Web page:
The war knife and single edged sword has an ancient history in Europe that is rather obscured by the interest for the double edged sword, as seen in the Knightly sword of the medieval period.
Some of the earliest finds of iron swords in northern europe are single edged swords or war knives. An important early example is the sacrificial deposit of Hjortspring in Denmark. A complete boat for some 20 men with weapons for a small army consisting of perhaps 70 to 100 men. Among the weapons were 11 swords (only one man in about ten seems to have been armed with a sword) and remains of some 10-20 mail shirts (among the earliest finds of this kind of armour in Europe!). Perhaps this is the spoils of a defeated raiding company of prehistoric "marines": men who were equally well prepared to brave the sea as well as enemy warriors.
The find is dated to around 350 BC and suggest both a type of warfare and what equipment were familiar to north germanic tribes in the pre roman iron age.
The single edged sword or war knife was perhaps the earliest form of fighting blade from the iron age in the northern part of Europe. In some areas, double edged celtic type swords later came to be the favored weapon, while in other parts the single edged sword or war knife was still popular well into the 2nd C AD. (Then there is a lapse in the find material until the 6th C when the sax or scramaseax becomes the iconic weapon of various Germanic tribes for the next three or four centuries.)
Through out their earliest history, single edged weapons were made according to the same basic construction, but changed over time with many variations of form and size. To begin with tangs were of hidden type, running in the central axis of a knife style grip. Later on a type of weapon developed that had the grip and tang along the back of the blade, with a more or less prominent cut out for the hand, often with a spur or beak closing around the little finger to provide further support and control for the hand.
We chose to offer a reconstruction of a type of sword that was in use towards the end of the first century BC and in the beginning of the first century AD. It is closely patterned after a find from Sweden, but the type was in use in other parts of the Baltic region and northern Germany during the same time period.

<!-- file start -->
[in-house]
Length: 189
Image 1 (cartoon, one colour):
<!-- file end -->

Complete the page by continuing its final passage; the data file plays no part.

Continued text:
A defining feature of this specific type is how the tang describes the complete silhouette of the grip. It is rare to find organic remains of grips and scabbards with these weapons, but grip scales of beech is a realistic possibility. Surviving iron rivets tell us the general dimension of the organic parts and this information has been relied on in shaping the grip of the Cherusker.
The wood is treated by soaking in linseed oil for 24 hours, then put aside for hardening over 48 hours, followed by a rubbing with fine steel wool and polishing with a cloth wheel. This results in a finish that brings out and deepens the natural color of the wood as well as sealing it for humidity.
Once you grasp this sword in your hand, the reason behind the shape of the hilt becomes apparent: the enclosing "arms" and the projecting spur at the heel of the hand makes for a very comfortable and secure grip, while the fingers are offered some protection against blows and cuts. The blade is wide and rather thin in section and will probably surprise by being lighter than one would think from its bold and broad outline. The ergonomics of the grip makes for a very effective combination of heft and support. As an aside, it is interesting to note the similarity of design to that of the Iberian Falcata.
The Cherusker is a large cutting weapon, but one should not think of it as a ponderous cleaver. It delivers tremendous cuts with little effort. Together with a shield it becomes a quick and handy no-nonsense weapon for loose formation warfare and skirmishing. It makes good sense to choose a blade of this design against opponents that would commonly not wear much in the way of armour. After all, neighboring tribes would have been the the typical enemy, rather than invading Romans, for the quarrelsome Germans of this period.
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©2003/2007 Peter Johnsson.
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